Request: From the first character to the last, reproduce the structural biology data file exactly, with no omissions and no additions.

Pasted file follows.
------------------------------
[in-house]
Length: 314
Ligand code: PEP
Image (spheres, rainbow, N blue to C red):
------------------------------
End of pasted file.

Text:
[in-house]
Length: 314
Ligand code: PEP
Image (spheres, rainbow, N blue to C red):